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Allen M., Esq.
Allen M., Esq., Employment Lawyer
Category: Employment Law
Satisfied Customers: 19320
Experience:  Employment/Labor Law Litigation
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Workers Compensation question. This question is asked by

Customer Question

Workers Compensation question. This question is asked by Employer. An employee reports that he had to visit ER because of back pain, brings document from ER saying that he must be 2 days at home and 2 weeks at no heavy lifting. He visited ER in the morning of 3rd day of long weekend that is approx 60 hours after his last working hour. The employees duties involve lifting. The ER did prescribe painkillers and as per employee no Xray or MRI was done - he was instructed to follow up with specialist if pain doesn't go away. FYI For other cases employer uses out of pocket payments if bill is relatively low and WComp if bills stack up to over 5k+. Employer wants to avoid WComp claims for smaller amounts to save on insurance rate increases. Now questions: 1. How to determine work relatedness in such cases? 2. Is the employee mandated to inform employer about the stituation the same day it happens? 3. What if there is no particular incident and the pain in back evolved over time and is a gradual hazard effect? 3. Employee presented employer with the hospital bill. The employer would like to consider lack of work relatedness - then employee will pursue WComp correct? Lastly - Can employer demand doctors clearance for return to work and meanwhile deny employment until cleared?
Submitted: 2 years ago.
Category: Employment Law
Expert:  Allen M., Esq. replied 2 years ago.

1. This is always the argument and it really becomes an issue of fact for a jury to decide if there isn't an agreement on when the injury occurred.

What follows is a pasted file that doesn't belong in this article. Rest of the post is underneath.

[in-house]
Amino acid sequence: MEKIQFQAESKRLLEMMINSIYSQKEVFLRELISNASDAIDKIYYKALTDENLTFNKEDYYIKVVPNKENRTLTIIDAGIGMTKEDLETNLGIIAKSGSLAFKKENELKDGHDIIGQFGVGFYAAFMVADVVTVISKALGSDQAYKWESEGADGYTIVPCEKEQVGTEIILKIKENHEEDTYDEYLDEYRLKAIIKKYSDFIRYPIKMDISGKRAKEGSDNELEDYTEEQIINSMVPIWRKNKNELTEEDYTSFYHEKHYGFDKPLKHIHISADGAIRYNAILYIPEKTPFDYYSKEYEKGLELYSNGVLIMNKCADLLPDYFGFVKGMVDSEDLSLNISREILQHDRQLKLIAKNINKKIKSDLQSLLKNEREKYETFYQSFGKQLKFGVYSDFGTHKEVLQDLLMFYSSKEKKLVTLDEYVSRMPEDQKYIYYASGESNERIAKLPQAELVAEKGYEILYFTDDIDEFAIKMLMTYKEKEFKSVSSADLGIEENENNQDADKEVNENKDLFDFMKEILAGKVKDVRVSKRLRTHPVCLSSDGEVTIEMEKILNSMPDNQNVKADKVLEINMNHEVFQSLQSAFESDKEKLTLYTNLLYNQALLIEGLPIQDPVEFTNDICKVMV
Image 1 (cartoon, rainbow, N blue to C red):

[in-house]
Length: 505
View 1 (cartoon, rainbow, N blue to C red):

2. There is no law requiring notice, but failing to give notice of the workplace injury when it occurred makes the employee's position more difficult to prove. Ultimately, it is the employee's obligation to prove that the injury is work related. That being said, some back injuries are slow onset. This isn't like a bro***** *****d, which would have been an immediate trauma. The employer can make a policy requiring immediate notification of workplace injuries, but nothing in WC law requires that the employee do so in order to be WC eligible.

3. This is a very common complaint, with repetitive stress injuries. It's harder to prove for the employee, but doctors connect repetitive stress injuries to workplace conditions all the time.

Employer can state that they don't feel it is work related and force the employee to make the WC filing, get a doctor to connect the injury to the workplace condition and obtain a WC settlement for the medical issues (if he can prove the connection).

Yes, it is fine to require a release to work before allowing them to return to work. Nothing in law requires an employer to create a light duty position. The only concern you'd have here is if you have, in the past, created numerous light duty situations for others and are suddenly not doing it here. Then the concern becomes "how does this person differ from the others? Race, religion, gender, age, disability? Then they could argue discrimination treatment). This is the only concern though.